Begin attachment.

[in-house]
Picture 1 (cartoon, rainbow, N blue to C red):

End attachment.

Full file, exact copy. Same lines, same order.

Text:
[in-house]
Picture 1 (cartoon, rainbow, N blue to C red):